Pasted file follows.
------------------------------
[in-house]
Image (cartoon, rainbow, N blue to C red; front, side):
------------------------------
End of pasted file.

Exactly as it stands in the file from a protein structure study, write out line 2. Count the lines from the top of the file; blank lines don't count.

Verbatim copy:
Image (cartoon, rainbow, N blue to C red; front, side):